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College Football Playoff Goes Green Beyond The Field

Gene Gallin

Millions of Americans adore College football. It’s hard to describe how many people love it. The National Football League (NFL) may rule the roost, but the college game is just as fun, especially when you watch famous programs like Georgia face-off against championship newcomer TCU. 

Similar to how the NFL has a massive championship game in the Super Bowl, the National Collegiate Athletic Association (NCAA) has the College Football Playoff (CFP), followed by the National Championship. These games sell out every season, and while we get wrapped up in the spectacle, most don’t think about their environmental impact. The NCAA is, however, and their committed to mitigating the playoff’s greenhouse gas emissions. 

The governing body has implemented gradual sustainability measures and more sustainable waste management since installing this playoff format in 2014. Playoff Green, the NCAA’s campaign to reduce the carbon footprint generated by this event, handles much of the work. 

In 2022, the organization teamed up with nonprofits and college students in Indianapolis, where the National Championship was set this season. With the help of Green Sports Alliance, a sustainability outreach program, they diverted more than 117 tons of materials from festivities across the city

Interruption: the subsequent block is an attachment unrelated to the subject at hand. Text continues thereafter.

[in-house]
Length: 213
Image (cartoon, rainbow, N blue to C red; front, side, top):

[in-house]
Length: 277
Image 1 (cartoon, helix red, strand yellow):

From the effort, 80% of waste generated directly or indirectly from the CFP was rescued from local landfills.

It was also the perfect time to increase fan awareness about recycling and composting. On top of that, more than 35,000 meals were donated to local food banks, and 75,000 reusable goods were donated to Indianapolis’ Habitat for Humanity branch. 

Photo Courtesy Brayden George

While waste management was a big talking point for managing the CFP’s carbon footprint, the lion share of the issue was electricity and water use. To power an indoor sports stadium — in last year’s case, Lucas Oil Field — a massive amount of energy is needed. 

To be more energy- and water-efficient, Indiana University Purdue University of Indianapolis (IUPUI) analyzed data from the stadium utilities to determine offset purchases for CO2 and water usage. Alongside AES Indiana and the Keep Indianapolis Beautiful Initiative (KIBI), Playoff Green worked to get enough renewable energy credits to run the CFP on 100% renewable energy, making the event one of the most sustainable sports events  in early 2022.

Photo Courtesy Rojan Maharjan

“We are proud to have been able to limit the environmental impact of our championship event in 202,” said Bill Hancock, executive director of the CFP. “Just like the success on the field, this similarly successful sustainability program in connection with our game took teamwork.” 

While 2022 was a success, it wasn’t the first time the CFP had been making conscious choices when planning these massive events.

In 2019, the championship game was played at Levi Stadium in Santa Clara, CA. The locations was chosen particularly because the stadium is a Leadership in Energy and Environmental Design (LEED)-certified building

The CFP and Playoff Green have made tremendous strides in creating a sustainable, waste-free championship weekend. While the venue for each season’s championship game changes year by year — the 2023 playoff was at SoFi Stadium in Los Angeles — the work done alongside Green Sports Alliance and local nonprofits has set the standard for the NCAA to follow.

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